David Thompson and his colleagues at ttweak are best-known for their work on the quirky “Houston – It’s Worth It” campaign, paying homage to the yawning potholes, soul-sapping humidity and all the other things that help to define the sprawling city.

But they may have found the quintessential symbol of Houston in the star of their new film, “Interesting Times: Tracking Houston’s Transformations Through 30 Years of Surveys.”

From the looks of it, Discovery Green on April 27th is the next best opportunity to catch the flick.

» Chron: Galveston County redistricting rejected
» Galveston Daily News: DOJ tosses county’s redistricting maps

Nice to know that the DOJ isn’t totally taking a pass at county-level redistricting …

The justice department found fault with the county’s redistricting process. The process did not set out clear criteria to follow, redrew a commissioners precinct map that put the Bolivar Peninsula into the traditionally minority Precinct 3 and minority representation of voters took a step back under the county’s plan.

The justice department also found fault with the county’s desire to reduce the number of justice of the peace and constable precincts from eight to five.

In doing so, the justice department said, the county reduced the number of precincts where “minority voters possess the ability to elect candidates of choice” from three to just one.

The GDN story notes that two counties in Texas have had their commissioners court plans nixed by DOJ.

[Galveston County Judge] Henry too called the rejection, “an (President Barack) Obama administration’s continuing attack on Texas.”

The only other county in the state to have its redistricting maps rejected, Henry said, was Nueces County.

“What do Nueces County and Galveston County have in common?” he asked. “They both went from Democratic control to Republican control in the 2010 election.”

They were also both represented by former State Rep. Joe Nixon. So there ya go.

» Chron: Houston region is now the most diverse in the U.S (Jeannie Kever)

More research on the local demographics …

The Houston region is now the most ethnically diverse large metropolitan area in the country, surpassing New York City.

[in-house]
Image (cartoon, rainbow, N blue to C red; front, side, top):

Two suburbs – Missouri City and Pearland – have become even more diverse than the city of Houston. Other suburbs aren’t far behind.

These findings are from a report released Monday by Rice University researchers, based on an analysis of census data from 1990, 2000 and 2010.

“We are a little United Nations,” Pearland Mayor Tom Reid said. “You go to one of our neighborhoods, and there will be a person from Nigeria living next to somebody from India, living next to somebody from Mexico and somebody from Louisiana.”

The report also found that while residential segregation has dropped over the past 20 years, it remains highest within the city of Houston; most suburban neighborhoods are less racially segregated.

You can dig through the Kinder Institute report here or just take in the overview video it here:

I’m curious how some other locations track with this. I’d have to think that there would be some similarities in Los Angeles, at a minimum. Obviously, some of what leads to remnant segregation of Houstonians is that you have major parts of town fully developed and that have had multiple generations living in close proximity. So it seems logical that some areas of Third Ward and River Oaks would remain as they are. And as you build up undeveloped areas around those parts of town, the pool of buyers is generally going to be more diverse. That’s why you see pockets of Hispanic neighborhoods near Katy and newer Asian home-buyers filling in the area between Alief and Sugar Land, as well as between Alief and Willowbrook Mall. The fact that there was plenty of open space to develop creates this, in other words.